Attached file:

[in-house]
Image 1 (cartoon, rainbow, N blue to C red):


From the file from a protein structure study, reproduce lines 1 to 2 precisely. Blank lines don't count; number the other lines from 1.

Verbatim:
[in-house]
Image 1 (cartoon, rainbow, N blue to C red):